I spent last summer in a dusty butternut squash field working on my honors thesis:
Pollinator and herbivore attraction to butternut squash volatiles. The rest of the fall was spent
in the lab trying to identify wet pollinators, not an easy task. If you ever need to dry bees that
have been stored in alcohol, use this protocol from San Francisco State University, it works amazingly well.
Processing bees that have been stored in alcohol so that they look nice and fluffy.
My experiment went so well that I am now working with Lynn Adler and Nina Theis to publish it in The Journal of Chemical Ecology. It will be my first publication.
Hereís the abstract to the paper:
Mutualists and antagonists may place conflicting selection pressures on plant traits. Therefore, studying pairwise interactions between plants and insects in isolation may not give us an adequate understanding of the evolution of floral traits. Striped cucumber beetles (Acalymma vittatum), herbivores that feed on cucurbit crops, have been found to be attracted to three compounds in the scent of butternut squash (Cucurbita moschata) blossoms, 1, 2, 4-trimethoxybenzene, indole, and (E)-cinnamaldehyde. However, the effect of these volatiles on pollinator attraction is unknown. The aim of this study was to determine whether pollinators were attracted to the same or different floral volatiles compared to herbivorous cucumber beetles. The three compounds were tested in a fully factorial design with 8 treatments and an extra control. We found that 1, 2, 4-trimethozybenzene was attractive to both pollinators and herbivores, indole was only attractive to herbivores, and (E)-cinnamaldehyde was only attractive to pollinators. There were no synergistic effects between volatiles. Attracting mutualists and not antagonists is a difficult evolutionary problem; increasing volatile production may run the risk of attracting unwanted herbivores. Therefore, these results have important implications for the evolution of scent in butternut squash. Butternut squash requires pollination to set fruit, so an increase in (E)-cinnamaldehyde might help plants to attract pollinating squash bees without incurring costs of cucumber beetle herbivory. Reducing the production of indole could also benefit the plant by making it less attractive to herbivores.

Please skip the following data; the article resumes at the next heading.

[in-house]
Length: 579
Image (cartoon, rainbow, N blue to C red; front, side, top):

My butternut squash field (provided by Araujo Farms Dighton, MA)
Squash bees (Peponapis pruinosa, my main captured pollinator) inside a butternut squash blossom.
I have always been interested in insects, but I have a special liking for those that cause diseases, especially mosquitoes. Next year, I plan to attend UMass Amherst for one more year and work towards my Masterís in Entomology in Dr. Stephen Richís lab. I will probably be working with Plasmodium, the organism that causes Malaria, which is one of the most serious worldwide public health concerns.